In 1927 Martin joined Norman Langley barnstorming as a flying circus. With Langley he performed in North and South Carolina. Martin also delivered movie film to theaters and in 1928 joined Anderson Airways, flying for Mabel Cody’s Air Circus. Read the Entry »

Martin made an intensive study of insects, copying both text and illustrations of Thomas Say’s American Entomology (1824–1828). Read the Entry »

In 1947 Marvin established a private practice in landscape architecture in the town of Walterboro, the county seat of his native Colleton County but far from urbanized areas where most landscape architects tended to congregate. Read the Entry »

After Lee’s death an intense legal battle ensued among the elite of the South Carolina Bar to settle the estate. To contest the will, the heirs at law employed James R. Ervin, Abram Blanding, and William Harper, three of the state’s most prominent lawyers. Read the Entry »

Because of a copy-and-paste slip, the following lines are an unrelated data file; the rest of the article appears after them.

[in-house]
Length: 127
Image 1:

The school Mather envisioned was founded twenty years later by the New England Southern Conference (NESC) of the Women’s Home Missionary Society of the Methodist Church. Read the Entry »

As a delegate, Mathews served on several important committees, including as chairman of the Committee at Headquarters, which worked closely with General George Washington to supply and organize the army. Read the Entry »

During the early twentieth century Mauldin thrived as an agricultural community, with local cotton shipped to outside markets from its train depot. Read the Entry »

Maverick’s most lasting legacy is the application of his name as a term for unbranded cattle, which was inspired by his unbranded herd on Matagorda Peninsula. Legend has it that he refused to brand his calves because he thought that allowed him to claim all unbranded calves on the range. Read the Entry »

Of the three colleges that he presided over, Maxcy made his greatest impact on South Carolina College. Read the Entry »

Maybank’s involvement with Santee Cooper enhanced his political standing, and he ran successfully for governor in 1938. Read the Entry »